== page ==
A Better Daddy



After a day of work, all Travis Smith wanted to do was lie on the couch, eat chips and watch TV. But his daughters 7-year-old Kya and 3-year-old Kallie had other ideas.

“Daddy come outside and play,” they’d say, tugging on his arms. Sometimes he’d play a board game with them -- always indoors. More often than not he preferred to be left alone.

“I was constantly tired, my joints ached and I had a short fuse, especially with my daughters,” says Travis. “That's what motivated me the most: I wanted to be a better dad. No more fat and crabby.”

Travis’s wife, Allison, fully supported him. “I knew he wasn't happy the way he was," she says.

A serious commitment

At his all-time high of 348 pounds, Travis was ready for a change. He went on a strict diet, tracking everything he ate for three months -- and only lost three pounds. He knew exercise would help, but even a flight of stairs winded him.

His frustration led him online to explore weight-loss surgery. “My biggest concern was whether I could stick with the nutrition requirements afterward,” says the 33-year-old from Moorhead. “I had to be absolutely certain because I knew if I went back to my old ways, I’d never keep the weight off.”

He took another step and attended a weight-loss surgery informational seminar at Sanford in Fargo. A nationally designated Bariatric Surgery Center of Excellence, Sanford offers a highly qualified team, a complete program and proven results.

“Sanford’s program is very involved, and that’s exactly what I needed to help me make the decision,” says Travis. “In my final surgical consultation with Dr. Garcia, he really laid it out for me. He said, ‘You’ve been to the classes, you’ve read the material, you know exactly what’s needed for success. Are you willing to do your part?’ My answer was yes!”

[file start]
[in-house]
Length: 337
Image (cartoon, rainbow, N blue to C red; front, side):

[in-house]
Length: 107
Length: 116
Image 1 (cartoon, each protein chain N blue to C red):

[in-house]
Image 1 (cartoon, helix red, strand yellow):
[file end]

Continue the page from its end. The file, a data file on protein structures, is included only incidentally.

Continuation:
It all came together

On March 3, 2010, Travis underwent laparoscopic (minimally invasive) gastric bypass surgery performed by Dr. Luis Garcia, one of three board-certified weight loss surgeons.

Successful surgery and a rapid recovery set the stage for his new life of healthy nutrition, daily vitamins and regular exercise. His months of preparation taught him exactly what was needed and what to expect.

“My family was so supportive. That helped a lot,” he says. “Plus I’m so stubborn, hardheaded and not willing to fail.”

Other helps included online recipes and continued participation in Sanford’s support group.

After six months Travis reached his goal weight of 200 pounds. Today at 176 he works to keep his weight up -- but refuses to fill up with junk food.

Energized!

“I have a ton of energy and love being active,” says Travis. “Now there are so many things I find exciting and fun -- so many adventures I never would have considered before.”

He ran his first half-marathon in May and plans to run another this year. In July he’ll go to Wisconsin for a “Tough Mudder” -- an extreme 10-mile obstacle course designed by British Special Forces.

His old favorites have become new, too. A hunter, he can quietly and quickly move through the deep woods. A fisherman, he can effortlessly climb in and out of the boat. “I used to worry my pants would rip when I lifted my leg,” he laughs.

And when he gets home from a day of work? He’s outdoors playing monsters with Kallie and Kya, going for bike rides or just racing around the yard.

“It’s so much easier to be pleasant when you’re not exhausted and aching all the time,” he says.

Kallie runs up to Travis: “Daddy, can you lift me up?” She giggles as he swoops her up in his arms.

A happy person, a better parent, a life reclaimed…

What difference could weight-loss surgery make for you?

Posted Date: July 2011

A Better Daddy

Travis Smith didn't want his daughters to grow up with memories of a fat, crabby dad. But at 348 pounds, he was exhausted and miserable. What difference could weight-loss surgery make?

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